Although you might think that a non-ill person who is dehydrated might feel worse than a terminal cancer patient who is dehydrated, usually the cancer patient has a lot of pain unrelated to dehydration, which makes it harder to keep them comfortable at the end.

 

I agree that life and death issues are within the public realm. However, these issues are usually decided in the courts. As Michael Schiavo has pointed out, this conflict has made its way very slowly and painstakingly to a final resolution over seven years. Now at the last moment Congress, which I believe has no constitutional authority over state courts, steps in merely because some members don't agree with the court's ruling. I dislike this precedent. Congress has no business intervening in state court decisions, regardless of the issue at hand. Advocacy groups, Christian or not, should be careful what they ask for. They are not keen on government interference in other "private" realms like religion. If congress were to routinely intervene to reverse state court decisions, society would reasonably object that congress was exceeding its authority, that this was a matter for state court and that congress does not have the right, privilege or authority to invalidate whatever state court decisions it pleases.

 

I believe the law is also generally on the side of the spouse. You can bet that if the tables were turned, if the parents wanted the tube pulled and the right to lifers were backing the husband, they'd be screaming that the courts have spoken, the spouse overrules the parents, how dare congress overrule the courts, etc. etc.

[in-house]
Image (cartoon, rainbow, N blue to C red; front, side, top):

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Norman- Thanks for providing a very realistic, experience based perspective. It has been frustrating that few professionals with expereience are willing to weigh in on end-of-life care and what the dying person is likely to go through at the end.

 

JayB- you question the motives of the person who is chosing to end sustaining care for a loved one. Personally I wonder if Terri's parents (and other family members who chose to sustain life without much thought to quality of that life) are keeping her alive because they think it is what SHE wants or if they are so uncomfortable with her dying that they are keeping her alive because it is the only way THEY can deal with the tragedy of her circumstance. If it is the later, they are very selfish. I suppose that if she had a living will that stated she wanted all life sustaining measures continued regardless of her life quality, the parents are advocating the right thing. Unfortunately that document does not exist and her husband has every legal right to make a decision about what she would want. She has not recovered nor made progress since the heart attack and all the life sustaining measures to date. Just who is she being kept alive for?

 

I wonder if the people advocating that preservation of life is paramount think they may be interveining in "god's" territory. She should be left to peacefully depart this world, let all involved grieve and then move on. The fact that our culture is so fearful of death is why this woman is still alive.